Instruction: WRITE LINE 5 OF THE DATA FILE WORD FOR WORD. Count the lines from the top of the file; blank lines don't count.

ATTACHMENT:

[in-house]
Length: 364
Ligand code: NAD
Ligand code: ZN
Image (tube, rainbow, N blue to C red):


Image (tube, rainbow, N blue to C red):